River traffic threatened by low water levels on Upper Mississippi
By Rick Wills
Published: Wednesday, November 14, 2012, 12:01 a.m.
Updated: Wednesday, November 14, 2012
A section of the Mississippi River is so low that much of the navigation along the river could grind to a halt in less than a month, the owner of a Washington County shipping company says.
A summerlong drought left 180 miles of the Mississippi between St. Louis and Cairo, Ill., so low that it could cut off the Upper Mississippi from the river's lower section.
“That section of the Mississippi could be unnavigable by Dec. 10. You are basically severing a main transportation artery in this country,” said Michael Monahan, president of Houston, Pa.-based Campbell Transportation, which owns and operates about 500 barges, 337 towboats and 37 shipyards.
Although officials say traffic on the Ohio and lower Mississippi rivers is not disrupted, they point out that the threatened part of the Mississippi is part of a system.
“The traffic leaving from Pittsburgh and elsewhere on the Ohio and going to the Upper Mississippi is minimal. But disruption of the waterways in such a way disrupts the system and is a national problem,” said James McCarville, executive director of the Port of Pittsburgh, the nation's second-busiest inland port.
Low river levels prompted Missouri Gov. Jay Nixon and the barge industry this week to ask the federal government to take emergency action.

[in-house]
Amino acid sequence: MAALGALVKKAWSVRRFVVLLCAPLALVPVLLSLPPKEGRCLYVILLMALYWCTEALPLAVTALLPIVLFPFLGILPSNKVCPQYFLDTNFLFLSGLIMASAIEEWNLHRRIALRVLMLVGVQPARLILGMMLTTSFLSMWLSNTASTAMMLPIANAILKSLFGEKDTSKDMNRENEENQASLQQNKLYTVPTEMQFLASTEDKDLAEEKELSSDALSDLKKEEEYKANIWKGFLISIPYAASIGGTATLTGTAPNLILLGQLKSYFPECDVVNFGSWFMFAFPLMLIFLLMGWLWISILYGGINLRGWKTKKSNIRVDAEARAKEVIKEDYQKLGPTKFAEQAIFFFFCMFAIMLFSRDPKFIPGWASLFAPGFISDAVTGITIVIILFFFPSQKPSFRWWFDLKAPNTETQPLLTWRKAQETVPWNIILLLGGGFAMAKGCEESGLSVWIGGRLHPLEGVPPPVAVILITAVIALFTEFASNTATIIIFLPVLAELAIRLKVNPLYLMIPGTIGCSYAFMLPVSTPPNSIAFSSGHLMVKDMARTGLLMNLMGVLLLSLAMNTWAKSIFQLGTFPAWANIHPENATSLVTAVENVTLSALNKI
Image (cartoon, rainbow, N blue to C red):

“Congress and the administration need to understand the immediate severity of this situation,” said Tom Allegretti, president and CEO of the Arlington, Va.-based American Waterways Operators, a trade group.
The American Waterways Operators and Waterways Council have urged Congress and President Obama to act.
The remedy would be to increase water flow from the Missouri River.
The industry estimates that closing the Mississippi — even for a couple of months — could cause as much as $7 billion in economic losses.
By late summer, barges were delayed at Cairo. Rain from Hurricane Sandy and dredging on the Ohio and Mississippi rivers ended the waits.
“We dredged 24 hours day to keep the river at least 300 feet wide and 9 feet deep,” said Bob Anderson, Mississippi Valley Division, Army Corps of Engineers in Vicksburg., Miss.
Rick Wills is a staff writer for Trib Total Media. He can be reached at 412-320-7944 or at firstname.lastname@example.org.
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